Posts from July 2013

Jul 13

Great News For All Our Clients

FT4 comments • 490 views

I was reading this piece on Ernst & Young and it struck me – not for the first time – that growing up reading IPC comics was the best possible preparation for a career in BUSINESS esp. mergers and acquisitions.

Just look at the history of Ernst & Young, or EY as we now call them.

Ernst & Ernst became
Ernst & Whinney became
Ernst & Young became

What does this remind you of? THAT’S RIGHT.


Jul 13

MICHAEL JACKSON – “You Are Not Alone”

Popular63 comments • 8,880 views

#726, 9th September 1995

Jackson Alone Whatever grim spirits drove Michael Jackson, they were hovering around his music long before HIStory – a double album that, through hubris or masochism (or commercial good sense) directly linked his greatest songs to his newest. There’s terror and paranoia to spare on the hits, even before Jordan Chandler’s accusations against Jackson curdled his public profile: the HIStory songs were darker still. Whether it was the agony of wrongful accusation or the cold horror of discovery motivating Jackson – or just a development of his existing demons – his music around this time is a sea of sorrow and fear.


#Harkive – 9th July 2013

FT/10 comments • 857 views

This post is my contribution to Harkive – an opt-in mass ethnographic record of a day in the lives of music fans worldwide. (A bit like Nick Southall’s Music Listening Day from the last couple of years). The post will be updated occasionally through the day, so read from the bottom up if you want a chronology.

Michael Jackson – “You Are Not Alone” (twice)
Once before I write the entry, once after. I often play other records when writing, but didn’t this time. The final play – and the overall intensity – bumps up the intended mark by 1. Hasty rewrites after I discover it wasn’t written by Jackson, then it’s good to go.

And that turns out to be it! I was about to put something else on but realised it’s turned midnight. John Newman wins the repeat play cup, Genius/GZA the best record I played today prize, and the best to actually work to award goes to the Cocteau Twins. Night night!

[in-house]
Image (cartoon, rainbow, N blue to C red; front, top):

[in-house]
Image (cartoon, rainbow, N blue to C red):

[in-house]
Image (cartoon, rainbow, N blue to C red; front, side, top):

MIA – “Feel The Noize” (twice)
MIA – “Bad Girls”
Migos ft Drake – “Versace”

I have a bunch of Tumblr posts and Tweet links bookmarked with people’s picks of the best of the year so far, and I’ve been dipping into that. Looking for something to play while I did the washing up, I remembered I hadn’t heard the new M.I.A. single, so I picked up that on iMusic (good, spiky, bit like “Bird Flu”, though maybe I’m projecting because that’s a favourite). That made me want to hear “Bad Girls” again, so I cued that up on iMusic too, and also the Migos track I’d just read about on Tom Breihan’s tumblr. Standing in the kitchen cleaning plates with a speakerless iPhone playing YouTube quality sound out loud is about the worst possible way to hear new music, so I can’t really draw any conclusions from my listen to “Versace”.

Rudimental – “Feel The Love”/”Not Giving In”/”Waiting All Night”
Walking home from the station, playing the three Rudimental singles from this or last year, to remind myself of the context of the Newman song and because I’d not really given “Not Giving In” its due before.


Jul 13

I love Andy Murray

FT//6 comments • 698 views